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Timor-Leste's missing oil millions

  • 05 June 2019


Julie Bishop was all smiles in New York on the afternoon of 7 March 2018, as she signed the historic maritime boundary treaty between Australia and Timor-Leste — officially bringing to an end decades of dispute over the ownership of multi-billion-dollar oil and gas reserves buried in the Timor Sea, closing the door on a bitter and embarrassing part of Australia's history, and ushering in what she'd later call 'a new chapter' for the neighbouring countries' beleaguered relationship.

In Dili at the end of July — on her first and only visit to Timor-Leste as Foreign Minister — Bishop told a press conference she'd tabled the treaty in Australian Parliament, and it was 'her hope' that it would be ratified by the end of the year.

Fifteen months on from its signing, the treaty remains unratified — and Australia consequently continues to draw millions of dollars per month from a 10 per cent share in a field found to belong entirely to Timor-Leste.

The Timor-Leste Governance Project estimates that field could have generated $60 million over the preceding 12 months. Australia will provide $95.7 million in foreign aid to Timor-Leste between 2018 and 2019. Technically, we don't owe that $60 million to Timor-Leste. There's no legal right in the treaty for either country to claim compensation for lost revenue from the Timor Sea.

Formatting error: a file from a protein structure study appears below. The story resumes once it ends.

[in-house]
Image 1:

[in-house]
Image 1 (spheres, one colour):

But Australia's role in Timor-Leste's historic and hard-won independence 20 years ago this August burnished our reputation as a beatific big brother — a reputation until now unmarred, despite decades of those fractious Timor Sea negotiations, allegations of our spying and serious accusations of collusion. For years, we've positioned ourselves as an international champion of moral righteousness, of sovereignty and of self-determination, and as Timor-Leste's liberator. But we can't have it both ways. Taking unearned Timor Sea wealth is another in a long line of Australia's failure to do the right thing by Timor-Leste.

John Howard calls the Australian-led liberation of Timor-Leste one of our most noble acts of foreign policy this century — the peacekeeping part; not the preceding 30 years of heavy-handed economic encroachment in the Timor Sea. Our delay in ratifying the boundary treaty and our refusal to commit to repaying that unearned money is squarely at odds with how we think of ourselves in this story. And it's unconscionably in breach of our moral duty to do the right thing by a neighbour.

In April the Guardian ran an exclusive